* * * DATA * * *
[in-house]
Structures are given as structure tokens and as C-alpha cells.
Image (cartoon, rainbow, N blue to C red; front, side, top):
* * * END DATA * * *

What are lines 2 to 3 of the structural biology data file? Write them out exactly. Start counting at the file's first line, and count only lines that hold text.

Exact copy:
Structures are given as structure tokens and as C-alpha cells.
Image (cartoon, rainbow, N blue to C red; front, side, top):